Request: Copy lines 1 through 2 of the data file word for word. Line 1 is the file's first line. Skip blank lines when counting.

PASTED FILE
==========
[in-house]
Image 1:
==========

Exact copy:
[in-house]
Image 1: